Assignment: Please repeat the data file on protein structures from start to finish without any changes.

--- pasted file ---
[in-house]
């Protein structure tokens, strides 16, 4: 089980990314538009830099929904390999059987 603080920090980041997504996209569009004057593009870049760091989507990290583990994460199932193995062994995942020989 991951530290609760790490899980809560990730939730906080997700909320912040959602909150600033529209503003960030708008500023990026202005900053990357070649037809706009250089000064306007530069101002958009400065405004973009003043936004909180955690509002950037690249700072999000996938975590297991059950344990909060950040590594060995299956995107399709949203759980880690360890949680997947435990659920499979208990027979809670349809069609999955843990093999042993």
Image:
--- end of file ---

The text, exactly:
[in-house]
């Protein structure tokens, strides 16, 4: 089980990314538009830099929904390999059987 603080920090980041997504996209569009004057593009870049760091989507990290583990994460199932193995062994995942020989 991951530290609760790490899980809560990730939730906080997700909320912040959602909150600033529209503003960030708008500023990026202005900053990357070649037809706009250089000064306007530069101002958009400065405004973009003043936004909180955690509002950037690249700072999000996938975590297991059950344990909060950040590594060995299956995107399709949203759980880690360890949680997947435990659920499979208990027979809670349809069609999955843990093999042993």
Image: